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The Loft's Incendiary Double Bill

d. Sabela Grimes and the Abbey Rader Quartet made for a very odd pairing that worked somehow

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    NEWSLETTERS

    Brian Ross
    The Abbey Rader Quartet (pictured) co-headlined an impressive double bill at UCSD's the Loft.

    The Jan. 27 double-bill concert at UC San Diego’s the Loft was one of event programmer Brian Ross’s more strange, yet ultimately satisfying pairings in recent years. Opening act d. Sabela Grimes combined choreography, beats, vocals and spoken word into a unified statement and the headlining Abbey Rader Quartet blew the roof off the joint with exuberant free-improvising.

    d. Sabela Grimes

    Grimes began his solo set with a fairly complex backing track of stuttering beats and a layered children’s choir while he danced and gesticulated before crooning in a Marvin Gaye style. That morphed into "Experiment Earth," which featured altered loops of comedian George Carlin and elements of rap with an ingenious blend of pre-recorded and manipulated sounds beneath his own vocals.

    Especially interesting was the bluesy "Trouble," which had some killer, Delta-esque samples, and the lovely, mostly sung, "Touch Me," which served as a prelude to a couple of songs that documented the short romantic lifespan of a failed relationship, "Philly Story," and "Love, Love."

    I found his multi-layered instrumental and vocal arrangement on “How’s Life,” reminding me of "Innervisions"-era Stevie Wonder – a huge compliment in my book.

    Abbey Rader Quartet + Mark Dresser

    Rader is a free-jazz drum veteran with some heavy credentials and the band of San Diego improvisers he assembled, including bassist Kyle Motl, and reed men Peter Kuhn and Drew Ceccato went right for the throat in a program of loosely written freebop tunes based on the Buddhist concept of the Four Noble Truths.

    Motl began “Suffering,” with powerful plucking that locked in tightly with Rader’s pinpoint ride cymbal pings and vituperative skins as the twin-tenors of Kuhn and Ceccato wailed, screamed, and wrapped around each other. Kuhn sported a gruff and grainy sound reminiscent of Archie Shepp while Ceccato’s aesthetic seemed to create tension through nervous repetition. Kuhn picked up a bass clarinet and released a fat, dark vibrato before Dresser took the stage suddenly to activate a multi-bass maelstrom that should have set off fire alarms everywhere in the general vicinity. It was wild and ecstatic and one could almost see the bandstand lifting.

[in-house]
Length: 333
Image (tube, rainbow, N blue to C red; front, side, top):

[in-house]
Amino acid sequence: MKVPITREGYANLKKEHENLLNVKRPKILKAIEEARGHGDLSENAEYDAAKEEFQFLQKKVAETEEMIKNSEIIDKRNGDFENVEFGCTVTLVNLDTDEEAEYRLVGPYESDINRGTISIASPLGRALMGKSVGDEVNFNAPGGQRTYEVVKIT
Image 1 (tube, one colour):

"Desire," began as a pensive duet between bass and drums, Motl generating gorgeous, dripping whole notes over Rader’s skitterish brushes. Kuhn’s hoarse screeching tenor and Ceccato’s slow warbling alto ground against each other in a brutal dance of multiphonics.

    On "Stopping Suffering," Rader’s handbells and malleted toms buttressed a platform for Kuhn’s Dolphy-esque bass clarinet runs while Ceccato went on a trill-a-thon and Motl sawed eerie overtones near the bridge of his bass.

    "Enlightenment," the closer, seemed to imply that knowledge doesn’t come without a visceral sacrifice. Riding along the stream of Rader’s cymbal articulations and Motl’s furious power walk, the dual saxophonists kicked a hornet’s nest of seething intensity until everyone but Motl dropped out. The young virtuoso then proceeded to deliver an amazing solo of double harp-harmonics and pizzicato wizardry -- sounding like an eerie blend of Fred Hopkins and Lenny Breau. Then it was all freebop caterwaul to take the tune out.

    I can’t remember the last time I went to a concert led by a drummer that allowed for no drum solos -- but Rader’s fire and frenzy served as the motor for everything that developed -- I guess he didn’t feel the need for the spotlight. A night of controlled abandon that seared a few brains in the process.  

     Robert Bush is a freelance jazz writer who has been exploring the San Diego improvised music scene for more than 30 years.